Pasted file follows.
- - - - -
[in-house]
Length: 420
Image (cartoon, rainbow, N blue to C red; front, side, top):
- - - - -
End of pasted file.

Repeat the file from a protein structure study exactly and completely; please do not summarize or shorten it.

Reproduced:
[in-house]
Length: 420
Image (cartoon, rainbow, N blue to C red; front, side, top):